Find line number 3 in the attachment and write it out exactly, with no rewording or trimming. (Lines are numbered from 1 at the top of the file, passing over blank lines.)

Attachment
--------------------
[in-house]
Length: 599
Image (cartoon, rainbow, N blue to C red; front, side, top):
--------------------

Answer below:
Image (cartoon, rainbow, N blue to C red; front, side, top):